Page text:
Many teams that host applications in Azure App Service setup the availability monitoring for their apps using Application Insights web tests, which can be basic URL ping checks as well as more advanced multi-step and performance ones. A common approach, when creating such tests, is also to configure alerts to notify or trigger an action on some criteria, i.e., when the tests fail.
As a result, people responsible for keeping the application alive are aware that something goes wrong with the application and can take remediation actions.
Also, it is a common practice to put an application or service in operation into the maintenance mode in a monitoring solution before applying any changes to it or updating its components, so as not to be wakened up at 2 am by false-positive alerts on your “pager.”
Regarding the Azure App Service applications in my example, such misleading notifications from the web test were triggered during the regular continuous deployments from Azure DevOps pipelines. This was not good, as each time the Ops have to verify with the Devs whether the issue was not fake.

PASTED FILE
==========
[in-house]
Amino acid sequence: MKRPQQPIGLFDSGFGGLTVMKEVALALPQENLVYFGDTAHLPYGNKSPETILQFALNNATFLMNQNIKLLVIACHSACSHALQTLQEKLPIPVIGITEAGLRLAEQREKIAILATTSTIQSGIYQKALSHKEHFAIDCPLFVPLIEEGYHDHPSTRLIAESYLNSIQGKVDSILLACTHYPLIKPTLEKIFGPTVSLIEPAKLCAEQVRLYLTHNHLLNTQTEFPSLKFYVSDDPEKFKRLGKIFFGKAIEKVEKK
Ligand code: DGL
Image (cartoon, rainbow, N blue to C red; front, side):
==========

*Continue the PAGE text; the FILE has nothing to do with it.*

Unfortunately, there is no such handy built-in maintenance mode for monitored items in Application Insights as, for example, in System Center Operations Manager, where you can suspend all alerting for a specific configuration item or a group of items for some period and not to worry about putting them back on monitoring later.
To make it worse, there are even no PowerShell cmdlets yet to work with the web tests specifically in Az 3.0.0:
Currently, one of the options to interact with ‘Microsoft.Insights/webtests’ resources is to use generic ‘Get-AzResource’ and ‘Set-AzResource’ PowerShell cmdlets. They might be not so convenient as specialized cmdlets, but they still do the job as you can manipulate resource properties.
For example, a script to disable all web tests in a specific resource group might look like the following:
To enable them back, you can modify the ‘Enabled’ property to ‘True’ and rerun the script.
Armed with these scripts, you can emulate the maintenance mode for your application in the deployment pipeline:
You can use the Azure PowerShell tasks to disable the tests before deployment and enable them back after it.
Also, don’t forget to configure the run conditions for the enabling task, so you have your monitoring turned on even if a previous task, e.g., a deployment, failed:
A sample YAML snippet for this:
P.S. I didn’t want to fall back to ARM REST APIs in my solution as their format usually makes the script logic hard to understand, and IMHO it is a complete nightmare for future solution maintenance.
How do you monitor your apps in production and put them in maintenance mode? Share your experience in the comments!